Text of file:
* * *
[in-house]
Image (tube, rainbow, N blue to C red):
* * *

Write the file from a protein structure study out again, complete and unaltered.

[in-house]
Image (tube, rainbow, N blue to C red):